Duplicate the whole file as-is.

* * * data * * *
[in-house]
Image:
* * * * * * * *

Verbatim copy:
[in-house]
Image: